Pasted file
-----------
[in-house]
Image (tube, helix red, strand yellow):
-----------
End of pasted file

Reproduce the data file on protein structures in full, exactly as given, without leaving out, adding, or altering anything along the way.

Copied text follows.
[in-house]
Image (tube, helix red, strand yellow):